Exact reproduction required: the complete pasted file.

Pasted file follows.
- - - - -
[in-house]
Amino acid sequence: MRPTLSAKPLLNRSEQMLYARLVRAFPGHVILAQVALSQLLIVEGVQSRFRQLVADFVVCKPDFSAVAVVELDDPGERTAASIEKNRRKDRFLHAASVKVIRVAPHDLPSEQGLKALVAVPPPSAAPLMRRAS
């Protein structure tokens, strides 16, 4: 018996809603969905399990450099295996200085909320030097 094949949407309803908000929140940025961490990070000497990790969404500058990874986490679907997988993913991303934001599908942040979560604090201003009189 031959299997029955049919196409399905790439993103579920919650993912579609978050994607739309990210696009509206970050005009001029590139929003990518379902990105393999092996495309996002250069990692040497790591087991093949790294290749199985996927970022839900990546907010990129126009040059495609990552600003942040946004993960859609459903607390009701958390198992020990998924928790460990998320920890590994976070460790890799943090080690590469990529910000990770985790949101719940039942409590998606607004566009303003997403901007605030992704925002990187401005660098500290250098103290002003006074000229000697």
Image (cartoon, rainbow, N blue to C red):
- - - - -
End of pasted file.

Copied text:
[in-house]
Amino acid sequence: MRPTLSAKPLLNRSEQMLYARLVRAFPGHVILAQVALSQLLIVEGVQSRFRQLVADFVVCKPDFSAVAVVELDDPGERTAASIEKNRRKDRFLHAASVKVIRVAPHDLPSEQGLKALVAVPPPSAAPLMRRAS
């Protein structure tokens, strides 16, 4: 018996809603969905399990450099295996200085909320030097 094949949407309803908000929140940025961490990070000497990790969404500058990874986490679907997988993913991303934001599908942040979560604090201003009189 031959299997029955049919196409399905790439993103579920919650993912579609978050994607739309990210696009509206970050005009001029590139929003990518379902990105393999092996495309996002250069990692040497790591087991093949790294290749199985996927970022839900990546907010990129126009040059495609990552600003942040946004993960859609459903607390009701958390198992020990998924928790460990998320920890590994976070460790890799943090080690590469990529910000990770985790949101719940039942409590998606607004566009303003997403901007605030992704925002990187401005660098500290250098103290002003006074000229000697």
Image (cartoon, rainbow, N blue to C red):